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Let them lose
Written by Kirk Dougal   
Monday, March 25, 2013 8:50 AM

“Winning is great, sure, but if you are really going to do something in life, the secret is learning how to lose. Nobody goes undefeated all the time. If you can pick up after a crushing defeat, and go on to win again, you are going to be a champion someday.”


Wilma Rudolph - multiple Gold medal-winning Olympian




The sound you may have heard echoing out of the Times Bulletin office earlier this week was our head exploding.

While this opening statement is hyperbole, of course, one of our greatest pet peeves recently made itself known again. It is the notion of either including everyone in awards or doing away with them altogether, just so someone’s feelings are not hurt.

David Fabrizio, the principal at Ipswich High School in Massachusetts, on Wednesday announced he was canceling the school’s long-standing tradition of Honors Night. The event recognizes the academic achievements of students at the school. In a letter to parents, he said his reason for the decision was the realization that not winning an award might be “devastating” to some students.

This follows only a day after a report that revealed that elementary school systems in Kingston, South West London and Surrey in England have enacted “best friend” bans. The school officials’ reasoning in this case was that children should not need to suffer the “pain of splitting up with their best friend.” Also, some children may not make close friends and they would feel left out. So at these schools, all children were told to play in large groups only.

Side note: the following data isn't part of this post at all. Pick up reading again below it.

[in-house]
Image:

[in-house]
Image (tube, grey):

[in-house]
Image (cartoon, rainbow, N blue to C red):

Excuse us while we tape our head back together.

There have always been winners in life. In fact, life is based upon winning. Darwin’s Theory of Evolution sat upon a foundation of certain genetic traits being passed down to offspring by the winners, those people/animals who stayed alive.

But even more important than winning is losing. Yes, losing. Look again at the quote by Wilma Rudolph at the top of this editorial. Notice that she put more emphasis on what came out of learning from losses than from winning races.

Another world class athlete thought the same way:

“I’ve missed more than 9000 shots in my career. I’ve lost almost 300 games. Twenty-six times, I’ve been trusted to take the game winning shot and missed. I’ve failed over and over and over again in my life. And that is why I succeed.”

This person was cut from his high school varsity basketball program as a sophomore and instead was sent to the junior varsity squad. In his place was named another sophomore, a classmate, by the name of Leroy Smith. While Smith went on to play NCAA Division I basketball and later have a solid professional career in Europe, the speaker of this quote used that stinging rebuke of not making the varsity to fuel his passion for decades.